Sunday, November 16, 2014

Music and Disability

In some circles the aim of teaching children with disability is to mask their specialness by getting them to produce results commensurate with those produced by more typical children.  I couldn't disagree more.

The aim of all education should be to strengthen the individuality of every child, typical or set apart by special characteristics, whether of genius or any other sort.

I work at this by stressing variation.  No piece of music is ever repeated mechanically, but always with variations of timing, tempo, dynamics, articulation.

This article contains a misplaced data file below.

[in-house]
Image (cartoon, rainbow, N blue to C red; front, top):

This morning I witnessed the triumph of that approach as a young man with severe developmental disability not only figured out how to coordinate his two hands in a tricky assortment of eighth notes vs. quarter notes and consonances vs. dissonances, but - even more impressive - he slowed himself down in order to do it with greater accuracy.

Slowing oneself down voluntarily is one of life's more difficult adjustments.  That he did it of his own accord is proof that teaching variability is critical to the heart of the person.  It gives them choices, empowers them.